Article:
Cliftonville boss Paddy McLaughlin rules himself out of running for Derry City job

Cliftonville boss Paddy McLaughlin insists he is loving life at Solitude and has no interest in the vacant post at Derry City. Picture by Pacemaker
Neil Loughran

CLIFTONVILLE boss Paddy McLaughlin has ruled himself out of the running for the vacant Derry City job after the Candystripes parted company with Declan Devine.

McLaughlin started his playing career at the Brandywell and was among the first names mentioned when news of Devine’s departure was confirmed yesterday morning.

However, despite his obvious connections with Derry City, McLaughlin insists he has no interest in leaving Solitude.

“Derry men are always going to be linked with Derry jobs, and why would anybody not want to be linked with Derry City,” he said.

“It’s a fantastic club, a full-time environment and one of the best grounds and facilities in the league - but I love the job I have. I love the club.

“I appreciate the opportunity that Gerard [Lawlor] and the board have given me at Cliftonville and I don’t want that to end any time soon. It’s not something I have any interest in.

“At the minute I love what I’m doing, I feel as if the club and the team have come a long way since I came in two-and-a-half years ago and it wouldn’t be fair for me to get involved in any speculation or entertain anything other than Cliftonville.

“I love the club, love the fans, I can’t speak highly enough of the players. I love what I’m doing and I don’t want to change that any time soon.”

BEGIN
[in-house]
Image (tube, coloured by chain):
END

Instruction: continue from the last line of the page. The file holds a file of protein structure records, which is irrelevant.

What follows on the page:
McLaughlin also expressed his sympathy for the departing Devine after a difficult start to the season cost him his job.

The Candystripes currently sit bottom of the League of Ireland’s Premier Division after six games, with four defeats on the spin and two subsequent draws leaving whoever takes over facing an uphill battle.

“I know big Declan well, he’s from Creggan like myself, and I was disappointed for him when I heard,” said McLaughlin.

“I know how passionate he is, how much he loves the club and loves the fans. To see any manager lose their job is disappointing, especially somebody close to you.

“But I’m sure he’ll not be out of the game for too long, he’s top drawer at what he does.”

After an inconsistent first half of the season, Cliftonville have pushed on impressively since the start of 2021, currently occupying fifth place with an eye on pushing further up the table before the end of the campaign.

Taking on the might of the full-time outfits operating at the top end of the Irish League is a challenge they have embraced head on, and McLaughlin admits he would love to experience working in a full-time environment at Solitide in years to come.

“The way the world’s going at the minute, Cliftonville’s not going to be full-time, can’t afford to go full-time any time soon, so we understand the challenge in front of us with so many others full-time in our division.

“We know we’re always going to be up against it but that’s part of the challenge. We love the underdogs tag.

“Players and coaches are all ambitious, they want to be involved at the highest level and a full-time environment obviously would be a step up from part-time.

“It’s something I’m sure we’ve all got ambitions to do as players and coaches and hopefully that opportunity will come here.”

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